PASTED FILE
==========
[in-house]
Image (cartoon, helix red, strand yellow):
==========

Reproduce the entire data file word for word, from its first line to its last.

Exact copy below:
[in-house]
Image (cartoon, helix red, strand yellow):